A downtown coworking space has opened a new "podcast vault," offering access to members and non-members alike.
Located inside the Alberta Block building on Jasper Avenue, Homestead Coworking has been home to small businesses, startups, and creatives since 2015.
The podcast studio has professional microphones, sound-dampening foam, a professional mixing board, and more, said Aspen Zettel, Homestead's community manager.
"We also have a technician that you can hire to help you get started," she told Taproot. "All of those calendars are active now, and all you have to do is contact Homestead, and we can set you up with all of that."
The pandemic accelerated the development and availability of technology to make it easier to record podcasts remotely, which suggests demand for dedicated podcast studios may have waned. But Zettel said Homestead's studio has more advantages than just recording in person.
"We want people from the community and our tenants to be using the podcast studio and then taking advantage of the community resource that's here," she said. "We're working towards a kinship model, where if you're using the vault and you need someone to talk to, you need someone to interview, (then) you can pull someone from upstairs who's an innovative thinker, who has an opinion on what you're doing, and they have an articulate voice."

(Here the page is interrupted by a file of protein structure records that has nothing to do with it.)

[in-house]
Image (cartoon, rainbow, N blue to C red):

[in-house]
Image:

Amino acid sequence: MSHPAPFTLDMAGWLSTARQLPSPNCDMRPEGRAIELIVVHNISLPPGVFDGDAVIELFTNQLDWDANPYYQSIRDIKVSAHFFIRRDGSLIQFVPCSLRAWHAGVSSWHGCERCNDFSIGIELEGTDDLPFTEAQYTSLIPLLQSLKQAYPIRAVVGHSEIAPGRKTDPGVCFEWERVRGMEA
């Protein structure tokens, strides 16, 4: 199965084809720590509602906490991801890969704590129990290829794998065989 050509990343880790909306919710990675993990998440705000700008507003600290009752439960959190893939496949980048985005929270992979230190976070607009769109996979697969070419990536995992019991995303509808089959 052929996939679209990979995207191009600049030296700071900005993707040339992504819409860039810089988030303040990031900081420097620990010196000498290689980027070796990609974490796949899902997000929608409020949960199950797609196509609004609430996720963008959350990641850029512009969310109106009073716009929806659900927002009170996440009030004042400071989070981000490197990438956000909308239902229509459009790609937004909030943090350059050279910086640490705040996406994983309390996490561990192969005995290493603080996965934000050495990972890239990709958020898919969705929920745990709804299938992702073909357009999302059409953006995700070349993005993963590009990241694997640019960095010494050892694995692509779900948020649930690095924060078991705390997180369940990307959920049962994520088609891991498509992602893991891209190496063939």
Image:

That "kinship model," she explained, means Homestead wants to "take community one step further and build a model of responsibility into our space." The business is also looking to become a cooperative within two years and plans to expand its online member platform.
The studio is literally inside a basement vault. Homestead tenant Adverb Communications, run by Adam Rozenhart and Tyler Butler, did most of the set-up work in the space before Zettel came on board in January. The marketing firm records its own podcast, Ask Adverb, in the vault.
The studio is now ready for recording but is "definitely a work in progress," Zettel said. "We've got it to a pretty good place, but we're always open to feedback and room for improvement as it grows."
Homestead tenants have access to the space 24/7, while non-members can book time between 8am and 5pm Monday through Friday. A first visit for non-members is free and thereafter booking rates start at $60 per hour. Technical support from Ellie Heath runs $60 per hour, too.
Homestead's podcast vault isn't the only game in town. If you want even more help getting a podcast into the world, studios such as The Oxymoron Podcast Network offer studio rental as well as consultation, editing, transcription, show notes, and more. If you're confident you can record independently and have a budget closer to $0, the Edmonton Public Library offers four recording studios: three at the Stanley A. Milner branch and one at Whitemud Crossing.
In other Homestead news, Zettel said the business is welcoming a "very, very, very, exciting new tenant" to the building's main floor, where Station on Jasper was before it abruptly closed in February. An announcement is expected in June.